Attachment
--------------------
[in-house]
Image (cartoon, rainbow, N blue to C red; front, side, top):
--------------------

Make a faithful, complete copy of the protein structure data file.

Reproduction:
[in-house]
Image (cartoon, rainbow, N blue to C red; front, side, top):